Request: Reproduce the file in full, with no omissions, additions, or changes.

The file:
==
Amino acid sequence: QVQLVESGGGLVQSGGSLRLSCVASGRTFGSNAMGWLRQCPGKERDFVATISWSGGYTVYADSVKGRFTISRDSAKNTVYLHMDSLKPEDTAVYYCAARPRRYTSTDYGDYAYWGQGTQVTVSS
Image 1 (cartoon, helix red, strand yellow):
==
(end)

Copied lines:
Amino acid sequence: QVQLVESGGGLVQSGGSLRLSCVASGRTFGSNAMGWLRQCPGKERDFVATISWSGGYTVYADSVKGRFTISRDSAKNTVYLHMDSLKPEDTAVYYCAARPRRYTSTDYGDYAYWGQGTQVTVSS
Image 1 (cartoon, helix red, strand yellow):